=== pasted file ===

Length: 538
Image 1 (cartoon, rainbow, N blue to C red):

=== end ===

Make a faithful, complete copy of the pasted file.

Length: 538
Image 1 (cartoon, rainbow, N blue to C red):